NAZIR,  BILL DONAHUE & EPSTEIN

Nazir Afzal, the Chair of Catholic Safeguarding, sent this tweet a few days ago:

nazir afzal@nazirafzal·Feb 12Lesson

Technically a “Paedophile” is abusing pre-pubescent children

A “Hebophile” abuses those in early stages of puberty, 11-14

A ‘Ephebephile” abuses those in later stages, 15+

The reason why you don’t hear that

Because making that distinction makes you sound like a Paedophile

I asked him to explain it, because such definitions are commonly used by people to excuse and defend sexual abusers of older children. His tweet came out of the blue, without a previous or a follow up tweet. Why he would also introduce it as ‘Lesson’, I don’t know.

 I’ll ask him again here:

NAZIR, WHAT WAS YOUR AGENDA IN SENDING THE ABOVE TWEET?

I would also note again that – only a few days earlier –  he had, for the second time, insisted to me personally in a Zoom meeting that he only tweeted his personal opinions. He never tweeted about matters that related to his work as Chair of  Catholic Safeguarding.

This tweet clearly has everything to do with Catholic Safeguarding.

And it’s not just a matter of semantics. Of ‘technical clinical distinctions’ (see the Guardian article below). As Chair, Nazir’s words carry great weight and his words are read by thousands of his followers.

So it’s serious.

As another survivor gave their view of Nazir’s tweet, ‘It’s very offensive’.

Here’s how Nazir’s distinctions have been used by others to defend Epstein:

‘Correcting Wootton calling him a paedophile, Lady C  (Lady Colin Campbell) said that it is a ‘medical term’ and that actually that Epstein was an ephebophile – an adult who is sexually attracted to adolescents, usually between the ages of 15 to 19’

And it’s also relevant to Virginia Giuffre. Daily Mail readers have largely condemned her because she was  abused at 17. Ignoring the fact that she was originally abused at 14 through to 17. So it was part of an ongoing continuum of abuse.  

I can understand how that works  because it was a similar continuum for me  up to the age of 16 when I finally escaped my middle class Catholic abusers by leaving home. 

Nazir’s definitions thus gloss over continuums of abuse and that’s one of the definitions’ purposes for defenders of abuse.

Nazir’s reply was

nazir afzal@nazirafzal·15hReplying to @jebrittan2 and @PatrickEMillsJoanna, Patrick

I don’t use any term other than “child sex abuser”

None of the other terms have any legal status

I’m merely noting that there are 3 terms used by professionals but they are all child sex abusers as far as the law is concerned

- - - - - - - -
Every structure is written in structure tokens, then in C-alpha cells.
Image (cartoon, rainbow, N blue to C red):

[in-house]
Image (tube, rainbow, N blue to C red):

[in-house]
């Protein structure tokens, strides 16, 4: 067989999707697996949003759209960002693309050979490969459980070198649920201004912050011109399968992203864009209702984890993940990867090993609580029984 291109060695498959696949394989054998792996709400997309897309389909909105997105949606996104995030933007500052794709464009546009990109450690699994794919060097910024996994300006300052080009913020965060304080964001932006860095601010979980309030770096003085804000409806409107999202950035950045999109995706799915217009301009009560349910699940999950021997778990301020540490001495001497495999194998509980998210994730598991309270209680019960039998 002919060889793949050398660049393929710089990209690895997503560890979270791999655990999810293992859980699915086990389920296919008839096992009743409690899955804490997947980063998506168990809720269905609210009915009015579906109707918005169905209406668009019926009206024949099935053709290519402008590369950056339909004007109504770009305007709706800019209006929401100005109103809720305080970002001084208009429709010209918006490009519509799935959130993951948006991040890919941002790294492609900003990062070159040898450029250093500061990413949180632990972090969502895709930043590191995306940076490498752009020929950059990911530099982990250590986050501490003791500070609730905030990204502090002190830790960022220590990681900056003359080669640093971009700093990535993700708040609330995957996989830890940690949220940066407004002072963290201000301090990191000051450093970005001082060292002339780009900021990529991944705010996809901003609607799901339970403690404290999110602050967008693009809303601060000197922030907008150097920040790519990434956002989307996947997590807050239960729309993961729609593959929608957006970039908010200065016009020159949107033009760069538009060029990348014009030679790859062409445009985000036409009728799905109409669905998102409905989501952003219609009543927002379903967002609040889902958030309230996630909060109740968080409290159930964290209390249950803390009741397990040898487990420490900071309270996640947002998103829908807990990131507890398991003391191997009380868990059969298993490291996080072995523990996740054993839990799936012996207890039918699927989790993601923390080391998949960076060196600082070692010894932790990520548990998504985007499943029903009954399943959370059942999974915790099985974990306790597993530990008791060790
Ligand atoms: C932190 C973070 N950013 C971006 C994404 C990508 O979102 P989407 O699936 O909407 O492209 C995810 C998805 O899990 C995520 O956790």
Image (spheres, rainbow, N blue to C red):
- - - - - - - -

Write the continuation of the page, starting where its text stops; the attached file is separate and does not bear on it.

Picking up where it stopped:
If you look at his first tweet above you’ll see that his second tweet doesn’t make complete sense and is an inadequate response.

He’s simply side-stepped the issue, as you might expect from a lawyer.

My tweet on this issue make it clear why it’s inadequate:

It’s wrong when the Chair of Catholic Safeguarding @nazirafzal tweets about unpronounceable, irrelevant,(and inaccurate)  academic terms that no one cares about. Except the Catholic Church which has used these terms to mitigate such crimes against older kids

Inaccurate because the Vatican itself extends the term of paedophilia for longer than Nazir’s definition. 

So where’s the proof that the Catholic Church itself  weaponizes these very same words to defend Catholic abusers?

Okay, here we go.

I’ll stick to examples of Bill Donahue head of the powerful American Catholic League. But don’t dismiss Bill as a unique, aggressive, middle-class Irish Catholic thug. (He once wanted to physically attack Christopher Hitchens. )He’s playing to his Catholic American audience and he knows exactly what he’s doing There are other examples I can find if I dig deep enough. I remember reading them five years ago and being incensed.  Currently, there’s Philip Jenkins, for example, who’s a prominent writer on an authoritative Catholic website, except he chooses his words rather more carefully than Bill. But his sub-text has much in common..

And what Bill says is what the Catholic Church really says and thinks behind closed doors.

I know this with absolute certainty, because, when I was 15, middle class Catholics back then – lawyers, teachers and other professionals – talked to me in similar terms. Which is why I have to write this post. Because the 15 year old inside me is furious with Nazir for providing such characters with fuel.